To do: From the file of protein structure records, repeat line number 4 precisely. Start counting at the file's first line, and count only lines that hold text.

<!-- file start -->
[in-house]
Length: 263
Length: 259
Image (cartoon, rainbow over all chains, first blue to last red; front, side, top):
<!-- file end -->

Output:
Image (cartoon, rainbow over all chains, first blue to last red; front, side, top):